Carson’s Silent Spring

“The more clearly we can focus our attention on the wonders and realities of the universe about us, the less taste we shall have for destruction.”

Marine biologist Rachel Carson wrote influential books including The Sea Around Us which I read as a teenager. I remember she imparted facts in a poetic style. Carson, who died in 1964, wrote eloquently about man’s impact on nature and sparked social change in America. In Silent Spring she took on the chemical industry and as a result of her well-researched book, DDT was eventually banned.

I was reminded of Carson when I read an article in The New York Times about the new Progressive Book Club which will highlight politically liberal books and, along with current titles, is offering Carson’s decades old Silent Spring. What an amazing achievement as an author to write nonfiction which is relevant more than 40 years after it was published. Carson could have been joining our current discussion on global warming when she said:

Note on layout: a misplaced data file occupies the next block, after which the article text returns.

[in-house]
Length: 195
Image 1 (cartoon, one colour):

“Man’s attitude toward nature is today critically important simply because we have now acquired a fateful power to alter and destroy nature.”

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